Data for the WOMAC is only available at the 5 year interval due to typographical errors noted on earlier interval forms rendering them invalid for comparison.
- Patient Outcome Lower-Extremity Activity Scale [ Time Frame: 1,2,3,4 and 5 years ]The Lower-Extremity Activity Scale (LEAS) score at 1, 2, 3, 4 and 5-year intervals will be compared at each post-surgery visit with baseline to see if any improvement is seen for each time point.The LEAS is completed by the participant to assess activity level. Activity levels were ordered in terms of intensity from 1 to 18, with 18 indicating the highest activity level. A level of 1 indicated that the subject was confined to bed all day while a level of 18 indicated that the subject was up and about at will inside and outside of the house, and also participated in vigorous physical activity, such as competitive level sports, on a daily basis.
- Radiographic Outcome [ Time Frame: 1,2 and 5 years ]Radiographic success/failure at 1, 2, and 5-year visits will be assessed. Radiographic failure is defined as a score of 10 or greater according to the Knee Society Roentgenographic Scoring System, regardless of symptoms. A migrating or shifting prosthesis with or without the disappearance of radiolucent lines is also a failure regardless of score.
To learn more about this study, you or your doctor may contact the study research staff using the contact information provided by the sponsor.
Please refer to this study by its ClinicalTrials.gov identifier (NCT number): NCT00957021
|United States, Georgia|
|Hughston Clinic PA|
|Columbus, Georgia, United States, 31908|
|United States, Indiana|
|Ireland Hip and Knee Surgery|
|Indianapolis, Indiana, United States, 46260|
|United States, Massachusetts|
|New England Baptist Hospital|
|Boston, Massachusetts, United States, 02120|
|Pro-Sports Orthopaedics, Inc. / New England Baptist Hospital|
|Boston, Massachusetts, United States, 02445|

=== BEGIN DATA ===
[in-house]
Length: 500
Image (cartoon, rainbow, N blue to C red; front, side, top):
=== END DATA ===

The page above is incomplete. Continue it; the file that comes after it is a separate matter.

|United States, Minnesota|
|St. Cloud Orthopaedic Associates|
|Sartell, Minnesota, United States, 56377|
|United States, New Hampshire|
|New Hampshire Orthopaedic Surgery, PA|
|Manchester, New Hampshire, United States, 03103|
|United States, New York|
|Harrison, New York, United States, 10528|
|United States, Ohio|
|Wellington Orthopaedics & Sports Medicine|
|Cincinnati, Ohio, United States, 45255|
|Tri County Orthopedic Surgeons, Inc.|
|Massillon, Ohio, United States, 44646|
|United States, Texas|
|Houston, Texas, United States, 77025|
|United States, Virginia|
|University of Virginia|
|Charlottesville, Virginia, United States, 22903|
|Principal Investigator:||Eric R Benson, MD||New Hampshire Orthopaedic Surgery, PA|
|Principal Investigator:||Daniel Moretta, DO||Tri County Orthopedics Surgeons, Inc.|
|Principal Investigator:||James Bono, MD||New England Baptist Hospital|
|Principal Investigator:||David W Edelstein, MD||Kelsey-Seybold Clinic|
|Principal Investigator:||Philip Ireland, MD||Ireland Hip and Knee Surgery|
|Principal Investigator:||Joseph P Nessler, MD||St. Cloud Orthopaedic Associates|
|Principal Investigator:||Quanjun Cui, MD||University of Virginia|
|Principal Investigator:||Arnold Scheller, MD||Pro-Sports Orthopaedics, Inc./ New England Baptist Hospital|
|Principal Investigator:||Joel Sorger, MD||Wellington Orthopaedics and Sports Medicine|
|Principal Investigator:||Suresh Nayak, MD||Wellington Orthopaedics and Sports Medicine|
|Principal Investigator:||John I Waldrop, MD||Hughston Clinic, PA|
|Principal Investigator:||James McGrory, MD||Hughston Clinic, PA|
|Principal Investigator:||Steven B Zelicof, MD, PhD||Specialty Orthopaedics|